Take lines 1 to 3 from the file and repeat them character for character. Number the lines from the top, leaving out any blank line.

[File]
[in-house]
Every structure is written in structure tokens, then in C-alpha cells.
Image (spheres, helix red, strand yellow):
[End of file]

[in-house]
Every structure is written in structure tokens, then in C-alpha cells.
Image (spheres, helix red, strand yellow):